The computer simulation models developed by Etzioni et al9 suggest that clinically significant prostate cancers most likely require multiple therapies in many cases. Most surgeons have been disappointed to see rising PSA values among patients they believed were cured of their disease. Despite negative surgical margins and negative lymph nodes, many patients still demonstrate evidence of residual disease, suggesting that clinically significant prostate cancer is a systemic disease much earlier than commonly appreciated. These patients often receive radiotherapy accompanied by antiandrogen treatment. Fortunately, many survive several additional years before their PSA begins to rise again. Radiation therapists are also frequently disappointed to learn that PSA levels can rise many years after radiotherapy has been completed, thereby necessitating additional androgen deprivation therapy at a later date. The computer models suggest that prostate cancer mortality is lowered by delaying disease progression for a sufficiently long period of time to allow patients to die of other diseases.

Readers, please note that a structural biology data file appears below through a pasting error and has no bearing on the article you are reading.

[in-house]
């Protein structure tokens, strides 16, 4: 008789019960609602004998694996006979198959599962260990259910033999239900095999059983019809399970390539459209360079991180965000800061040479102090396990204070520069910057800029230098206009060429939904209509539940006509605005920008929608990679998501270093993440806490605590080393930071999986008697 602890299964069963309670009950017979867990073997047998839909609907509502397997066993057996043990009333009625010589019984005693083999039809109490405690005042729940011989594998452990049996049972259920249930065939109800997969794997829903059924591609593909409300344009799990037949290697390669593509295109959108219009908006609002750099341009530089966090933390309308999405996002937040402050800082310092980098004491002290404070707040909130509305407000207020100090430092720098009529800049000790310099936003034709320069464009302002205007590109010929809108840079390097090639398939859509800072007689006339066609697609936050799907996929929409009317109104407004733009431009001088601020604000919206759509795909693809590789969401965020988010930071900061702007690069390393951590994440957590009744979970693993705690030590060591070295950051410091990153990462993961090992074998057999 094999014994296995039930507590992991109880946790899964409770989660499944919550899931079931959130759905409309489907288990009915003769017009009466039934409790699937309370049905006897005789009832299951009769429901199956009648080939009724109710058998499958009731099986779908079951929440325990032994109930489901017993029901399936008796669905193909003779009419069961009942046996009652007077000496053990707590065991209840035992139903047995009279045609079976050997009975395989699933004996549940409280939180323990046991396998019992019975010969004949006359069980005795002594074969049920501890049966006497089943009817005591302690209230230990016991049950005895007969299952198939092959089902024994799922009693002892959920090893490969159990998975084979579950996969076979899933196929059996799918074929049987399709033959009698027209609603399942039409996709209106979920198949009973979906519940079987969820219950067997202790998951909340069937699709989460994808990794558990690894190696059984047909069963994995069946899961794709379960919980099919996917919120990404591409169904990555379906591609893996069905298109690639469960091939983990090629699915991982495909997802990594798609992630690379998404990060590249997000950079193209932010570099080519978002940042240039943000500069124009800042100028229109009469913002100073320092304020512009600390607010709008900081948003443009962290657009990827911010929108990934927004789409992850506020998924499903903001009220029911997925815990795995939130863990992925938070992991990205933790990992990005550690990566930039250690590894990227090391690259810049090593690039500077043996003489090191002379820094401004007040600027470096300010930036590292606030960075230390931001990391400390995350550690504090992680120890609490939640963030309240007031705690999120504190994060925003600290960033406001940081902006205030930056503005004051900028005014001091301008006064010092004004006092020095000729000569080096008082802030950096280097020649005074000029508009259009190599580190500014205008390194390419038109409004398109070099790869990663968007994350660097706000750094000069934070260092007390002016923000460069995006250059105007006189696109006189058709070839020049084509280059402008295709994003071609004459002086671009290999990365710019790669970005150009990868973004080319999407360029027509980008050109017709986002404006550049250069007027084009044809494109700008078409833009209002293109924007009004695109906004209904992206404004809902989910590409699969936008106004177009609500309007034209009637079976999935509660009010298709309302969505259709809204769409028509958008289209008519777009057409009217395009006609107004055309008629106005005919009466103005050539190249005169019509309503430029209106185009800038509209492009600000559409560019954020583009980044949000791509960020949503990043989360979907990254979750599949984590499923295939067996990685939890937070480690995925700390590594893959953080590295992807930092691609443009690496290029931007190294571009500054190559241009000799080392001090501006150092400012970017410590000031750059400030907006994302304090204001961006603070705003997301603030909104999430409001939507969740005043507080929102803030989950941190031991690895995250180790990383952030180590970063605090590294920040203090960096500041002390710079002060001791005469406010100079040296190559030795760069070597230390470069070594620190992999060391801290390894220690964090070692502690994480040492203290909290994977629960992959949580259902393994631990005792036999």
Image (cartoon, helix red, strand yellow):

Finally, and most intriguing, the computer models have suggested that additional factors beyond surgery, radiotherapy, and other traditional treatments are having a significant effect. Even under the most optimistic scenarios, prostate cancer treatments explain less than one-half of the observed decline in prostate cancer mortality. What other factors could be impacting this disease? Epidemiologists have long recognized that environmental influences can have a profound impact on disease incidence and progression. Most clinicians and patients now recognize that the dramatic rise and subsequent decline in lung cancer incidence and mortality can be linked to tobacco abuse. Similarly, the dramatic decline in gastric cancer appears to be related to the introduction of refrigeration as a method of food preservation rather than screening and treatment. Who could have guessed that salting and smoking could have had such a deleterious effect? What environmental factors could be impacting prostate cancer progression? What is happening in virtually all Western countries, and especially in the United States, to explain the declining rate of prostate cancer mortality?1 Has the aggressive treatment of heart disease or the control of hypertension had the unanticipated effect of lowering the impact of clinically significant prostate cancer? Could obesity or diabetes have an effect on the development of this disease? Could common drugs such as statins, metformin, or warfarin serve as chemopreventive protective agents? Could vitamin D deficiency play a role? All these theories and more deserve increased scrutiny as a result of the insights provided by the computer models developed by Etzioni et al.9